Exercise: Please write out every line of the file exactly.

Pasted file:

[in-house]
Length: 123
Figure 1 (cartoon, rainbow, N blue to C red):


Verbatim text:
[in-house]
Length: 123
Figure 1 (cartoon, rainbow, N blue to C red):